Newsalgia Reference Room with Sen. George McGovern on Face The Nation, discussing the My Lai massacre and the state of dissent and the so-called Silent Majority in America. From November 30, 1969.
For those of you who remember, Sen. George McGovern was one of the most outspoken critics of the Vietnam War and what had become our failed Foreign Policy in Southeast Asia.
With the Nixon Administration in place, and dissent and opposition to the war increasing on a daily basis, along with the disclosure of the My Lai Massacre which had taken place almost two years earlier, pressure on the White House to put an end to the long national nightmare was at its highest ever.
Here is a panel interview from CBS News' Face The Nation on November 30, 1969 where, among other questions, McGovern is asked about the "silent majority" as characterized by Richard Nixon.
Sen. George McGovern: “Frankly, in our kind of a free society, I worry about this new emphasis on the part of the Administration on the virtues of silence. There has never been a time that I know of in the history of this country when the highest officials in our government have made such a virtue of those people who remain silent. Now perhaps we ought to be doing more talking, more soul searching, more questioning about American policy. I think if the recent atrocities indicate anything it’s that we’ve had too much silence. Here is a terrible crime, if it’s true, that was committed almost two years ago that we’re only now learning about. Where were those who knew about this incident a year and a half ago? Where was the so-called Silent Majority in the face of the awful reports we’ve had of the loss of civilian life in Vietnam that have been coming in to us for many-many years? So it does seem to me that great emphasis on silence, the effort on the part of high administration officials to intimidate outspoken members of the Press, candid television commentators, the effort to isolate those who are involved in the protest against Vietnam, all of those things have had perhaps something to do with the slowing down of real debate over this policy.”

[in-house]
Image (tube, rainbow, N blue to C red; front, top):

The MyLai incident would soon take center stage. And by the Spring of 1970 a whole new and deadly wave of protest would erupt over the country. And McGovern would make his bid for the Presidency in 1972.